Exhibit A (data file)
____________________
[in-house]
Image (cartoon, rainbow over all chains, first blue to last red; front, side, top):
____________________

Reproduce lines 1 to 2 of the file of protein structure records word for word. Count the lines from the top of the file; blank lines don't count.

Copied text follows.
[in-house]
Image (cartoon, rainbow over all chains, first blue to last red; front, side, top):